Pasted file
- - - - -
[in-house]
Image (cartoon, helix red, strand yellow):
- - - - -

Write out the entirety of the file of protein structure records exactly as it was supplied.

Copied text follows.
[in-house]
Image (cartoon, helix red, strand yellow):